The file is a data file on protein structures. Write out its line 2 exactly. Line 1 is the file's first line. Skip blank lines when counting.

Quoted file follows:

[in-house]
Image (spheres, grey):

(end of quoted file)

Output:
Image (spheres, grey):